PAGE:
Really figure out what hampers the adoption of HTTP/1.1 Pipelining on the web, including data from proxies and how they purge. While Pipelining is enabled in Mobile Firefox builds (such at that running on the Nokia N900 and on Android devices) by default, we have it turned off in desktop Firefox builds. We do this for a variety of reasons, not least of all the risk of performance slow downs if one of the pipelined requests slows down the others. It’s clear from our discussion that many who attended our caching summit think pipelining will help their applications perform much better. The situation on the web now with respect to pipelining is a kind of hostage’s dilemma: of the main desktop browsers, nobody has turned on pipelining, for fear of a scenario that slows down performance (leading to that particular browser being accused of “being slow”). The developers who visited us threw down the proverbial gauntlet; at a minimum we’ve got to figure out what hamstrings the use of pipelining on the web, and determine what we can actually do to remove those obstacles.
Figure out how to evolve the HTML5 AppCache, which frankly hasn’t seen the adoption we initially expected. While we tend to view parts of HTML5 such as Cache Manifests and
window.applicationCacheas yet another performance tool (to ensure web applications rapidly load upon subsequent accesses), it is different than the general browser cache. What’s in a name, and why is naming something amongst the hardest problems in computer science? The use of the word “cache” to describe the parts of HTML5 that deal with offline web applications has confused some developers. What we’re calling the HTML5 AppCache was primarily conceived of to enable offline web application use, but many applications (such as those built with SproutCore) treat it as an auxiliary cache, to ensure that applications have a rapid start-up time and generally perform well. Why, we were asked, should we have two things: a general purpose browser cache, and something else, uniquely for offline usage? On the one hand, the HTML5 AppCache allows web apps to act like native apps (enabling “rapid-launch icons” on some mobile handsets), perhaps even eventually integrating with native application launchers. And on the other hand, the HTML5 AppCache’s separateness from the general cache may mean that we coin different APIs to work with the general cache. In general, simultaneously evolving multiple APIs with “cache” in the name may be confusing. But that’s why naming is amongst the hard problems, and that’s why we have to architect the next iteration mindful of the potential for both redundancy as well as confusion.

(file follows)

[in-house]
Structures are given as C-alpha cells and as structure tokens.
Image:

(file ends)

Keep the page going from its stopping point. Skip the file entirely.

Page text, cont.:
We’ve got a tracking bug in place with a bold moniker: “Improve HTTP Cache.” You’ll see the gamut of changes we’d like to introduce here, including benchmarking our cache against Chromium’s (and perhaps just using Chromium’s cache code, if we need to).
Caching is important, but difficult. It would be fair to describe most of the near-term evolution of the web that way, whether that is the introduction of an indexable database capability, streaming video, or new layout models within CSS. These evolutions won’t necessarily happen within a standards body or on a listserv, but rather through rapid prototyping and meaningful feedback. That’s why we have to talk to web developers to help us do the right thing, and that’s why we’ll keep organizing meet-ups such as the recent caching summit.